CANBERRA OBSERVED: by national correspondentNews Weekly
Greens - bad for Coalition, worse for Labor
, July 23, 2011
The arrival of a Greens-held balance of power in Australia’s Senate from July has prompted predictions of dangerous legislation being introduced, including some of the party’s more radical or whacky ideas.
That is not likely to be the case as both the major parties will gang up on the Greens should they attempt to push for some of their more hare-brained ideas. And certainly Senator Bob Brown, while he is around, will be anxious to maintain at least the appearance of the party’s reputation for reasonableness and responsibility.
There is an even greater danger of having a Greens-held balance of power, and this lies at the very heart of the Greens philosophy as a political party, or rather as a protest movement.
The Greens’ raison d’être is the never-ending protest — its insatiable appetite for radical political horizons which, once achieved, can be shifted to new ones.
This strategy is about taking incremental steps towards an environmental nirvana, then de-industrialising and de-populating the planet in order to recreate a new world and a different economic system.
Crucially, the ultimate objective is never spelled out because to do so would ring alarm bells about the totalitarian nature of the Greens’ agenda.
Instead, the Greens pursue an ongoing series of urgent agendas which have to be fixed, each of which expands in importance to fill the current political agenda.
The Greens members and supporters, many of whom are idealistic and impressionable young people, are used as pawns in this larger game.
The forests movement personifies this strategy, whereby a no-holds-barred protest is staged until the government or the timber companies make a concession, only to discover that a further demand for yet more forests to be locked away has been created. Little wonder that forest communities and timber workers are so distrustful of the Greens.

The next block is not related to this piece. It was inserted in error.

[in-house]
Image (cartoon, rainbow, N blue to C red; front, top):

The recent breakthrough deal in Tasmania is a classic example of this. Brokered by former ACTU chief Bill Kelty, the agreement was billed as an end to three decades of fighting over logging and involved massive concessions from the timber industry. The Tasmanian Labor-led government (including the Greens parliamentary party) and the logging companies struck the deal; but just as the final agreement was being drawn up, Bob Brown and other Tasmanian Greens objected.
Senator Brown knows that the last thing the Tasmanian Greens want is peace on logging because the rationale for their membership to remain politically motivated and mobilised would largely disappear.
But the more worrying example is the proposed carbon tax. For Julia Gillard it was a breakthrough agreement which maps out a plan for the next few years.
For the Greens it is merely a base camp or, as Senator Christine Milne put it, “an outcome” which can be built upon. Putting aside the merits or problems of the proposed tax, once the tax is in place, the Greens will then push for petrol to be included, then farming, then to push up the price of carbon dioxide emissions, etc.
Labor thinks it has secured a deal with the Greens. In reality it has just begun years of haggling.
The Greens’ ascent to power is bad news for the Coalition, but worse for Labor.
For the Liberals and Nationals the power of the Greens remains a problem even if the Coalition is swept to power with a big majority at the next election.
The Greens/Labor alliance will still hold the balance of power in the Senate. And the Greens will not co-operate with the Coalition — even when offered power-sharing and ministerial responsibilities, as they were after the last ACT election.
For the Labor Party the problem is much more problematic because the Greens are stealing its active membership base while alienating traditional conservative Labor voters at the same time.
The Greens hold one House of Representatives seat (the seat of Melbourne— a federation seat which had been held by the ALP for a century), but can potentially expand their representation to other inner-city seats in Melbourne and Sydney. Vulnerable seats include Melbourne Ports (held by Michael Danby), Grayndler (Anthony Albanese) and Sydney (Tanya Plibersek).
However, if the Green juggernaut were to continue, ultimately Liberal inner-city seats would become vulnerable with electorates such as Malcolm Turnbull’s seat of Wentworth or Joe Hockey’s seat ofNorth Sydneypotential Green gains.
Former state secretary of the Victorian ALP, Stephen Newnham, recently proposed that the major parties preference the Greens last.
“I think it’s only a matter of time before the Greens are given the One Nation treatment,” Newnham, now a political consultant, told The Australian newspaper recently.
The Victorian Liberal Party’s decision to preference the Greens last at the most recent state election prevented the Greens from winning inner-city Labor seats and indirectly helped the Coalition win government.
Bob Brown was not kidding when he said he believed the Greens would eventually replace the Labor Party as the party of the left in Australian politics.
Julia Gillard believes she has had a major victory by securing an historic deal with the Greens and the NSW independent rural MPs who will vote to support her on the carbon tax.
In reality, she has brought herself and the Labor Party closer than ever to Labor’s enemy and the party that wants to replace it.